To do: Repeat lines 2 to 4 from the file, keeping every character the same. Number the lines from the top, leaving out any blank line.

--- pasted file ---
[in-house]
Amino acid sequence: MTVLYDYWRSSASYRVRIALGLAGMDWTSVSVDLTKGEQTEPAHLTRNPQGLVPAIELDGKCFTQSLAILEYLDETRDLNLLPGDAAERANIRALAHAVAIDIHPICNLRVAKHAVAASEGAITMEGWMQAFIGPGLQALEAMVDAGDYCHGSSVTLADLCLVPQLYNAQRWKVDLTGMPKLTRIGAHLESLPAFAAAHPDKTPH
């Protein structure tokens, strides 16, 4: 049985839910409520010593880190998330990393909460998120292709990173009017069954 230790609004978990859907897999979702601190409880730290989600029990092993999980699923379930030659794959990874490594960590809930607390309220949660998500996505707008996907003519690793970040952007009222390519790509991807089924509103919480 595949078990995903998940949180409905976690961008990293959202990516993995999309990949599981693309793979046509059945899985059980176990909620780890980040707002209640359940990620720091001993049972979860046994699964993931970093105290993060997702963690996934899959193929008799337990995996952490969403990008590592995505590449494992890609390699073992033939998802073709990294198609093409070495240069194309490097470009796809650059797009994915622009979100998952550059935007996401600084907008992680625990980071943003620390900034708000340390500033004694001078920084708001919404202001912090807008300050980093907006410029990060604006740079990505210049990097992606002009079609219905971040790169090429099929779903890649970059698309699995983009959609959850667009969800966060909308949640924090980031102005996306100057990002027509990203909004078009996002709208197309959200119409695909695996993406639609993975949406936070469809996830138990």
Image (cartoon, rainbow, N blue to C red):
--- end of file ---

Amino acid sequence: MTVLYDYWRSSASYRVRIALGLAGMDWTSVSVDLTKGEQTEPAHLTRNPQGLVPAIELDGKCFTQSLAILEYLDETRDLNLLPGDAAERANIRALAHAVAIDIHPICNLRVAKHAVAASEGAITMEGWMQAFIGPGLQALEAMVDAGDYCHGSSVTLADLCLVPQLYNAQRWKVDLTGMPKLTRIGAHLESLPAFAAAHPDKTPH
């Protein structure tokens, strides 16, 4: 049985839910409520010593880190998330990393909460998120292709990173009017069954 230790609004978990859907897999979702601190409880730290989600029990092993999980699923379930030659794959990874490594960590809930607390309220949660998500996505707008996907003519690793970040952007009222390519790509991807089924509103919480 595949078990995903998940949180409905976690961008990293959202990516993995999309990949599981693309793979046509059945899985059980176990909620780890980040707002209640359940990620720091001993049972979860046994699964993931970093105290993060997702963690996934899959193929008799337990995996952490969403990008590592995505590449494992890609390699073992033939998802073709990294198609093409070495240069194309490097470009796809650059797009994915622009979100998952550059935007996401600084907008992680625990980071943003620390900034708000340390500033004694001078920084708001919404202001912090807008300050980093907006410029990060604006740079990505210049990097992606002009079609219905971040790169090429099929779903890649970059698309699995983009959609959850667009969800966060909308949640924090980031102005996306100057990002027509990203909004078009996002709208197309959200119409695909695996993406639609993975949406936070469809996830138990």
Image (cartoon, rainbow, N blue to C red):